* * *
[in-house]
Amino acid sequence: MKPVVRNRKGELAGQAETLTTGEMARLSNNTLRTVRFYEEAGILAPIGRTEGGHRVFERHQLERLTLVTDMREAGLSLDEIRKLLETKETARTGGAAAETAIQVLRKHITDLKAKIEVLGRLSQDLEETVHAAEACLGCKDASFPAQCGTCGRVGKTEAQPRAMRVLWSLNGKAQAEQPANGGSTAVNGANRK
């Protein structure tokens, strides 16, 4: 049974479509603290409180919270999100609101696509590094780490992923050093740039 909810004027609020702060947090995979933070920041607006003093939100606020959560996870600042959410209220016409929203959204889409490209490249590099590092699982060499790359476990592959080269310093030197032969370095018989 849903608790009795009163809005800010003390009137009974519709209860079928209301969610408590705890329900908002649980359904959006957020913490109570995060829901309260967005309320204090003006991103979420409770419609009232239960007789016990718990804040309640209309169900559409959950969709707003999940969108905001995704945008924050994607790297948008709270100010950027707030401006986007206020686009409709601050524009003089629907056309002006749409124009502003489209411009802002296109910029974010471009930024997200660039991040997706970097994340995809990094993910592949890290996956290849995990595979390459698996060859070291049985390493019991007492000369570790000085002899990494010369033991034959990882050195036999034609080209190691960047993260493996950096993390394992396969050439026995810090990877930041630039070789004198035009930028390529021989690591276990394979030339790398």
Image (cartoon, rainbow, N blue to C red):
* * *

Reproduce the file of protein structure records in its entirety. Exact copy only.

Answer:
[in-house]
Amino acid sequence: MKPVVRNRKGELAGQAETLTTGEMARLSNNTLRTVRFYEEAGILAPIGRTEGGHRVFERHQLERLTLVTDMREAGLSLDEIRKLLETKETARTGGAAAETAIQVLRKHITDLKAKIEVLGRLSQDLEETVHAAEACLGCKDASFPAQCGTCGRVGKTEAQPRAMRVLWSLNGKAQAEQPANGGSTAVNGANRK
């Protein structure tokens, strides 16, 4: 049974479509603290409180919270999100609101696509590094780490992923050093740039 909810004027609020702060947090995979933070920041607006003093939100606020959560996870600042959410209220016409929203959204889409490209490249590099590092699982060499790359476990592959080269310093030197032969370095018989 849903608790009795009163809005800010003390009137009974519709209860079928209301969610408590705890329900908002649980359904959006957020913490109570995060829901309260967005309320204090003006991103979420409770419609009232239960007789016990718990804040309640209309169900559409959950969709707003999940969108905001995704945008924050994607790297948008709270100010950027707030401006986007206020686009409709601050524009003089629907056309002006749409124009502003489209411009802002296109910029974010471009930024997200660039991040997706970097994340995809990094993910592949890290996956290849995990595979390459698996060859070291049985390493019991007492000369570790000085002899990494010369033991034959990882050195036999034609080209190691960047993260493996950096993390394992396969050439026995810090990877930041630039070789004198035009930028390529021989690591276990394979030339790398």
Image (cartoon, rainbow, N blue to C red):